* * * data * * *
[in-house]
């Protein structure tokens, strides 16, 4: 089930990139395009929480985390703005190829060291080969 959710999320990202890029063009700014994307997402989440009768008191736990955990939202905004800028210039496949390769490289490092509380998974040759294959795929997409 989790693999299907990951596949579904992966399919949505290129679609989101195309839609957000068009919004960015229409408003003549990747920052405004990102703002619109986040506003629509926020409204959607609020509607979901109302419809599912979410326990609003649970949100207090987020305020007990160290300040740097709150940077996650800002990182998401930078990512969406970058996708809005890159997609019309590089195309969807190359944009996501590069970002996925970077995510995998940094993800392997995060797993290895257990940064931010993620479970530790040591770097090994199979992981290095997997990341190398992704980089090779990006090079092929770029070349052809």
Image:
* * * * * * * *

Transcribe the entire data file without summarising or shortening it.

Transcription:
[in-house]
């Protein structure tokens, strides 16, 4: 089930990139395009929480985390703005190829060291080969 959710999320990202890029063009700014994307997402989440009768008191736990955990939202905004800028210039496949390769490289490092509380998974040759294959795929997409 989790693999299907990951596949579904992966399919949505290129679609989101195309839609957000068009919004960015229409408003003549990747920052405004990102703002619109986040506003629509926020409204959607609020509607979901109302419809599912979410326990609003649970949100207090987020305020007990160290300040740097709150940077996650800002990182998401930078990512969406970058996708809005890159997609019309590089195309969807190359944009996501590069970002996925970077995510995998940094993800392997995060797993290895257990940064931010993620479970530790040591770097090994199979992981290095997997990341190398992704980089090779990006090079092929770029070349052809």
Image: